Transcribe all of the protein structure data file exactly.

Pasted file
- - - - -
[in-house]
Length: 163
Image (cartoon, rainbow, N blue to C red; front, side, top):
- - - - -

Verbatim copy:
[in-house]
Length: 163
Image (cartoon, rainbow, N blue to C red; front, side, top):